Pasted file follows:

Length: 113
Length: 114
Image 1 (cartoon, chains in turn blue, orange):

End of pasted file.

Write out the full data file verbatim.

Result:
Length: 113
Length: 114
Image 1 (cartoon, chains in turn blue, orange):